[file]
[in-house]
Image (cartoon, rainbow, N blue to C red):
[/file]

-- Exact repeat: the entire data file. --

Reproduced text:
[in-house]
Image (cartoon, rainbow, N blue to C red):